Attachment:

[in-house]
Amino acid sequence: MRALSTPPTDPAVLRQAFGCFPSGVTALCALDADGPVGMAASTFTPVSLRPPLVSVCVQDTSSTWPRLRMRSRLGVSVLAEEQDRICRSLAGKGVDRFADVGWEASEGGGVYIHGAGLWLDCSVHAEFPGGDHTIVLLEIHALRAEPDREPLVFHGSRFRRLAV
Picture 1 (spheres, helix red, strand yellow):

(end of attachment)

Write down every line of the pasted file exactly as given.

[in-house]
Amino acid sequence: MRALSTPPTDPAVLRQAFGCFPSGVTALCALDADGPVGMAASTFTPVSLRPPLVSVCVQDTSSTWPRLRMRSRLGVSVLAEEQDRICRSLAGKGVDRFADVGWEASEGGGVYIHGAGLWLDCSVHAEFPGGDHTIVLLEIHALRAEPDREPLVFHGSRFRRLAV
Picture 1 (spheres, helix red, strand yellow):